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Ranges and Self-Defense Skills

Discussion in 'Self Defense and Handgun Carry' started by gerhard1, Jun 3, 2019.

  1. doctorjj

    doctorjj Sharpshooter

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    The best handgun trainer in the world, literally, is right here in Tulsa. Mike Seekander. If you haven’t trained with him, you are missing out. Why spend the money traveling to Gunsite which teaches outdated techniques?
     
  2. gerhard1

    gerhard1 Sharpshooter

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    Agreed; this is an important skill to have and not just shooting while moving to cover. One thing worth pointing out is that when the GG moves it forces the BG to react to him. With his original plans screwed up, he is forced to come up with something new on the spur of the moment. I've also heard it described as breaking the BG's OODA loop.

    This can present the GG with an opportunity to run, if he is capable, or it can make the BG flee. If the GG is not capable of running (I'm not) and the BG does not run himself, the GG can use the time afforded by the BG's confusion to employ the defensive force needed.

    It has been suggested that the best directions in which to move are forward diagonals (10 or 2 o'clock) or rarely diagonally to the rear. If you draw and shoot after you move, great. If you can draw and shoot while you move, that is better still. That is what I intend to practice as soon as I can drive on my farm. Hopefully sometime this week.

    The great advantage I have is that I own my range, and it's a three-sided berm. This makes it possible to pivot and shoot in different directions at multiple targets, something that is rarely possible at most ranges.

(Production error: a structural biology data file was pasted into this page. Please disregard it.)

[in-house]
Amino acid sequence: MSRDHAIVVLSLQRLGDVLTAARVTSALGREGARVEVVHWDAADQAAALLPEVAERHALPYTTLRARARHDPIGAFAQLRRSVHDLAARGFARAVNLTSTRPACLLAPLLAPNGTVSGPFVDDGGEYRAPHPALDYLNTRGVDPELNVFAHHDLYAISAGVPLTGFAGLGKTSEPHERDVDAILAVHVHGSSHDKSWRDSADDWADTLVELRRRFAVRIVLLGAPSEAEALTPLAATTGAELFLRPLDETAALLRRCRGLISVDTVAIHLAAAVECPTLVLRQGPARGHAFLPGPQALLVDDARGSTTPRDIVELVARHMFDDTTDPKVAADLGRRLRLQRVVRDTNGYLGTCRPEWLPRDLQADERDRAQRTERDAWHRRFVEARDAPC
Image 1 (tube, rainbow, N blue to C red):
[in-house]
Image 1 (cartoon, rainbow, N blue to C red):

3. Mad Professor

    Mad Professor Sharpshooter

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    I have several thoughts on this thread that I’ll post a bit later today. I’ve been watching it since it started. I see many good parts to run with. But I thought I would start here since you placed some emphasis on it.

    So my question to start a bit of dialogue on it.

    What do you think are the chances that you would need to preform a reload during a civilian self-defense event?
     
  4. Mad Professor

    Mad Professor Sharpshooter

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    Training for what? Doing Drive-by shootings? :)

    From a moving car at a stationary target, I can’t see wasting ammo for the self-defense aspect of it. Entertainment value maybe, as it might be fun.

    Shooting from a non-moving car seated on either side with and without a passenger (dummy) has a significantly greater chance of duplicating the needs of the average carrying civilian. Even in two chairs at a range it could be done.

    What real-life scenarios would involve room clearing from a self-defense aspect?
     
  5. Defcon Shooter

    Defcon Shooter Sharpshooter

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    Too me induced stress is the best thing for defense shooting. We often build portable walls and lay out restaurant and grocery store simulations using tables chairs fake walls. Make folks run until their chest is heaving give them a scenario at the the door then turn them loose while we scream and yell and generally screw with them. Fun to watch folks go from flustered and skull f'd to goal oriented machines. Things like slipping in dummy rounds that I have watched folks just completely shut down become so automatic the shooter does not even recall clearing the jam. Watching folks shoot and do retention loadings before pieing the next doorway where before they jerked the trigger on locked back slides. I think you can learn more in your home with a blue gun than standing at the firing line of most indoor ranges. My wife and myself will be doing the force on force classes at gunsite next. Although Clint Smith says we can come take his defensive pistol II but I need about 400 rounds more frangible ammo for that class.
     
  6. druryj

    druryj Super Moderator Staff Member